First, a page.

Jamaica Inn


Action / Adventure / Crime

Rotten Tomatoes Critics - Rotten 50%
Rotten Tomatoes Audience - Spilled 37%
IMDb Rating 6.3 10 7141


Uploaded By: OTTO
Downloaded 16,299 times
May 13, 2015 at 09:14 AM


Maureen O'Hara as Mary - Joss Merlyn's Niece
Charles Laughton as Sir Humphrey Pengallan
Robert Newton as Jem Trehearne - Sir Humphrey's Gang
720p 1080p
757.99 MB
23.976 fps
1hr 48 min
P/S 0 / 2
1.44 GB
23.976 fps
1hr 48 min
P/S 1 / 8

Movie Reviews

Reviewed by seanahalpin 8 / 10

A classic for Laughton fans

My wife and I had not heard of Jamaica Inn at all prior to buying a DVD collection of Hitchcock's works. We decided to watch the film as the Jamaica Inn is near where my Cornish ancestors lived.

We actually found the film gripping. Yes, the acting is stagy at times, but we always enjoy the "old style" acting. Apart from the dodgy special effects, we found the film quite gripping. Others have said that the Squire was clearly the villain from the start. That is true. The tension comes from us being aware that this is so - and watching as the hero and heroine become ensnared by him. Similarly, the almost constant night time scenes and the howling gales are oppressive and eerie...

Critics may say that the film is not as good as Psycho or The Birds. However, this film was made 20 years prior to those films. I think that it was a good effort, considering that it was made on the eve of WWII.

Reviewed by Jugu Abraham ([email protected]) 7 / 10

Rich cinematic flourishes and a realistic atmosphere on screen

Even though it is one of the weakest works of Hitchcock, the film surprisingly provides rich cinematic flourishes. For a 1939 film, it captures on screen the atmosphere and dark mood of the novel quite vividly—the stormy scene, the cave, and the inn (with the name board flapping in the wind). It is another matter that the albino parson of the book is transformed into a squire (with an unbelievable eyebrow make-up) in the film who commands his steed to be brought inside his dining hall. Daphne du Maurier's novel was adapted for cinema by the trio of Sidney Gilliat, Joan Harrison and J.B. Priestley, and reportedly the author did not approve of the end-product.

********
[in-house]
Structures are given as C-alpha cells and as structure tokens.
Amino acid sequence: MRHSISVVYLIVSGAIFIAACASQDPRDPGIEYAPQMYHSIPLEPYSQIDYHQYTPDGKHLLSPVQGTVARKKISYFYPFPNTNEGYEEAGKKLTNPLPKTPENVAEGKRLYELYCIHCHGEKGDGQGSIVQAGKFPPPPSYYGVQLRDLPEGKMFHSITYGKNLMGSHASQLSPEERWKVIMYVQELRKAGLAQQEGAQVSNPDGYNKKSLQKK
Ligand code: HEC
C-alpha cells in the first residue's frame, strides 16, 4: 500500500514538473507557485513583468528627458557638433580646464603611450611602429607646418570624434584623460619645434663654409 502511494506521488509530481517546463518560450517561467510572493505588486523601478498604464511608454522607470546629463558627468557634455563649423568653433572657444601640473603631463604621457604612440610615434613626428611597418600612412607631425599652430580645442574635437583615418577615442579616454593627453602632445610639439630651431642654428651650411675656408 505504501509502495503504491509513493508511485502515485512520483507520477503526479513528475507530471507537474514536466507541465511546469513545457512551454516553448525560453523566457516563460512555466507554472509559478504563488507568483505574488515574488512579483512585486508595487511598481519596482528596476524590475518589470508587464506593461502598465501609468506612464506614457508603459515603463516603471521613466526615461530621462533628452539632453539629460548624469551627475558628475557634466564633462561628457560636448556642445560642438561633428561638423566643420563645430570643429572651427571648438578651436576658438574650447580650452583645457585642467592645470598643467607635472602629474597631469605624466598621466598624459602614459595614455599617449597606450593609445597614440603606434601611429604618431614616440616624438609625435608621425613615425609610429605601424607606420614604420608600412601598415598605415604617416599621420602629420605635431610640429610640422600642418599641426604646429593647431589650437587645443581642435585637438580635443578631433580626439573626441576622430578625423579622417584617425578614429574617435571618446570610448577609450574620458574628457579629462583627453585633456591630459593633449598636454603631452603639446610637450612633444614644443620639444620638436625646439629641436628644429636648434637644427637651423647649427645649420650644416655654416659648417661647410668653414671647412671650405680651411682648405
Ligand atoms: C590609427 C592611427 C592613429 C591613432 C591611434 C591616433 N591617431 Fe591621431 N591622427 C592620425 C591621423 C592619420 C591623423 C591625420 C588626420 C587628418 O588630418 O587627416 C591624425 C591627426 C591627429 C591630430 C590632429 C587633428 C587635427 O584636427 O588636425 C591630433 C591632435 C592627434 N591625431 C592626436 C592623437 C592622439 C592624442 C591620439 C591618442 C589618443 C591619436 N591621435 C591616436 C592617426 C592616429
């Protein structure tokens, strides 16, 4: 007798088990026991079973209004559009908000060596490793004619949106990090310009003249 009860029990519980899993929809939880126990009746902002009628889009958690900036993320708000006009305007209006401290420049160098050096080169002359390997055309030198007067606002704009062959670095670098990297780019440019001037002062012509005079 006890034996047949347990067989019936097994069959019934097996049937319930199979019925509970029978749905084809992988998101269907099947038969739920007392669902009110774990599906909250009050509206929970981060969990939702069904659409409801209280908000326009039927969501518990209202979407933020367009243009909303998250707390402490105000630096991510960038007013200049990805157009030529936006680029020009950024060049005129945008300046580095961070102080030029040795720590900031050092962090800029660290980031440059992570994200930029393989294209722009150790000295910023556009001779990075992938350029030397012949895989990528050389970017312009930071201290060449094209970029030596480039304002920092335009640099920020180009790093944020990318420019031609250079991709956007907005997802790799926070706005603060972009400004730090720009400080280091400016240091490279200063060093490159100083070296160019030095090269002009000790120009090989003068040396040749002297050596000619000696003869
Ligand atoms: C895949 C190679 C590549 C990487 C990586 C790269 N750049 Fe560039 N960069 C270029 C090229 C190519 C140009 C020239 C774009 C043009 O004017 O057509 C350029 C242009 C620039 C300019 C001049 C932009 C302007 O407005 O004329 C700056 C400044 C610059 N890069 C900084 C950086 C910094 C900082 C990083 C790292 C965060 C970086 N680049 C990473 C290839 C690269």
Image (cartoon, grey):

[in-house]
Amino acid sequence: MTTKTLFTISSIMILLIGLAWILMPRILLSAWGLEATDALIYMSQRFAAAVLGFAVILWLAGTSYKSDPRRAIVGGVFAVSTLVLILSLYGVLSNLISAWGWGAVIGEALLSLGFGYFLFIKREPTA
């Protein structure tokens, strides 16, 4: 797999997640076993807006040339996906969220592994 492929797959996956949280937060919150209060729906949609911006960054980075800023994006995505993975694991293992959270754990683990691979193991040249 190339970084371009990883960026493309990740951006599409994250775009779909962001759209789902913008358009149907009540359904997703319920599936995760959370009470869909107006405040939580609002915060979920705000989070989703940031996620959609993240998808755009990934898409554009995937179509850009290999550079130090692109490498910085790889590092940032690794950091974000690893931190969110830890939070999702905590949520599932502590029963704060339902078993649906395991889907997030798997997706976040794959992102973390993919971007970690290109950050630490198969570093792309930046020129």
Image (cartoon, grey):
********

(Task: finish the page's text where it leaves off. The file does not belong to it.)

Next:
As in many Hitchcock films there is a recurring reference to marriage. Here a good woman remains faithful to her boorish and cruel husband through thick and thin.

As in most Hitchcock films there is a lot of sexual innuendo without any sex on screen, especially when Pengallen (Charles Laughton) makes the young girl (Maureen O'Hara) his prisoner. (The only film where Hitchcock showed sex on screen was "Frenzy.") And as in many a Hitchcock film, a bad guy turns out to be a good guy. This is one of the rare films of Hitchcock where the director does not make a cameo appearance.

The best cinematic flourishes were—-the focus on the thin hands of the 17 year old who cannot be shackled by the soldiers as the handcuffs are too big, the opening "prayer" that serves as a grim introduction and finally the last scene of the film: Chadwick, the squire's butler, who thinks he can hear his dead master calling him for help in death.

Reviewed by bkoganbing 4 / 10

No Bad Clergymen in America

According to Maureen O'Hara's memoirs, Alfred Hitchcock never liked to do period costume pieces, he felt those were not suitable to his particular talents. But he did this one for Daphne Du Maurier because he wanted to film Du Maurier's Rebecca later on. Which as we all know Hitchcock did and was very successful.

There are elements of Jamaica Inn that certainly might have appealed to Hitchcock. Maureen O'Hara arrives at the Jamaica Inn on Great Britain's Cornwall coast to stay with her aunt. The Inn however is the headquarters for a gang that wrecks ships on the coast, kills everyone on board and steals the cargo. Leslie Banks is the head of the group there. We also have a Georgian dandy in the person of Charles Laughton who has a lascivious eye for Maureen O'Hara. He's not what he appears to be. The whole idea of this innocent among the cutthroats not knowing who to trust would definitely have appealed to Hitchcock.

The original novel had Laughton's character as a hypocritical parson, but for American distribution his character was changed to a local nobleman. The Hays office forbade a man of the cloth be shown in such a light.

Parson or nobleman unfortunately Hitchcock did not rein in Laughton. In this particular film, he's just too hammy. Then again he was the co-producer of this so no one was in a position to tell him anything.

O'Hara credits Laughton for launching her career. He brought her to America right after this and had RKO sign her to play Esmerelda in The Hunchback of Notre Dame. A far better film than Jamaica Inn.

Robert Newton and Emlyn Williams have roles of substance here as well. Jamaica Inn might be worth a look.

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